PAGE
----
Tell your relative the standards you need him to meet so you can live well together. Make sure your loved one knows that you see him as a whole person, and that you expect him to follow those standards. Both you and your relative will be better able to cope if you expand your own support network, beyond her.

Fear of Intimacy: Signs, Causes, and How to Overcome It

Accept that this is a flawed logic, and that your loved one’s mind is valuable and vital to controlling their ability to get well. What do we do when we see someone having an asthma attack? We act fast, check we supply them with medication when needed, we give them adequate time and treatment and room to breathe, and we teach them the skills to properly take care of themselves and their affliction.

Strengthen your connections with other friends and family. This takes some pressure off your relative to help you as she did before she was ill. She can instead put that energy toward moving toward living well. At the same time, you may resent her less and feel strengthened by getting the social support you need.

How To Cope With Parenting Anxiety And Stress

Extra cuddles and verbal reassurance and I’m good to go. I haven’t dated many people and honestly don’t want to, but the only people that were caring and understood me also had mental illness. “Communication with the person needs to be driven by you being very clear why you are communicating,” says Dr. Klapow. “To support them with their condition, to offer help and some guidance is fine. To continue to engage as if you were together is not if that is not what you wanted.” Ideally, you want to have the conversation when you’re feeling good and things are generally calm between you two. “Whenever you feel ready to disclose this part of yourself, chances are your partner will already know someone else who has struggled with depression and likely will not react with shock or confusion,” Delawalla said.

The best advice I can give is to listen to yourself and your feelings. Although these may be affected by your mental illness, your feelings and experiences still matter. No matter what others say, know you are always deserving of healthy, supportive, and real love.

Mental Illness and Relationships

There are resources that can help, and it’s a good idea to connect with a support network that might include counselors or support groups that can help you figure out your options. When a loved one suffers from mental illness, it’s hard to not become hypervigilant and worry that your partner’s mental health will negatively affect everyone around you. See, when you become hypervigilant, you essentially tell your nervous system to be on guard, ready to take on a perceived threat at any moment and trigger the fight-or-flight response. Because there’s truly no one specific threat, however, you can end up staying in this high-alert state for too long, which, in turn, can be incredibly taxing on your brain and body. You can become more irritable, reactive, and even experience a weakened immune system.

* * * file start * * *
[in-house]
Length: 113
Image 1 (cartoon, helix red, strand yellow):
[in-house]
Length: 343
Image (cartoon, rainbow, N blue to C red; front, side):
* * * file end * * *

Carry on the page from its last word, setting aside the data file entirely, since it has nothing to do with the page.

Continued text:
Moreover, it’s easy to neglect sleep, healthy eating, exercise, and socialization when your partner is struggling, but this avoidance of your own needs will only add to their pain. You won’t be able to help anyone unless your cup is filled. If you meet someone and they tell you they have a mental illness, it usually means that they have accepted it, are comfortable with it, and they have it under control. I am ashamed to say that I did not understand it, nor support it until the last few years when I started to suffer with mental illness myself. Talkspace articles are written by experienced mental health-wellness contributors; they are grounded in scientific research and evidence-based practices. Articles are extensively reviewed by our team of clinical experts to ensure content is accurate and on par with current industry standards.

Counseling can be a beneficial resource that may offer you a fresh perspective and helpful guidance in a situation that may feel overwhelming and stressful. Experiencing burnout will not only impact your own well-being but your relationship with your loved one as well. Communication is always important in a relationship, but especially so when living with someone with mental illness.

Dating and Chronic Illness

And yet a lingering stigma about this rather common mental illness remains. We asked therapists to share some of their recommendations about when and how to discuss your depression with the person you’re dating. Although awareness about depression is increasing, the condition is still misunderstood by some. Some people also deal with angry outbursts, frustration and agitation. Relationships can be challenging even when all parties involved are completely healthy. Add a chronic illness or debilitating condition into the mix, and it can feel nearly impossible to keep your relationship happy and emotionally healthy.

There’s a difference between them wanting to get back together and wanting to talk about the fact that their symptoms are reaching a breaking point. It’s important to recognize their true motives and remember that a breakup can be distressing regardless of whether the person has a mental illness. Keep in mind that there are all sorts of different stages that people go through when dealing with mental health problems and that you can’t force your partner out of one stage and into the next. You just need to accept them at whatever stage they are currently in with honesty and compassion. This doesn’t mean that you can’t suggest they make a change or get help, but you need to be prepared for the possibility that they might not follow your advice. While you can listen, cheer her up and help her cope, she needs to discover which treatments work best for her and needs to add those solutions into her daily life.



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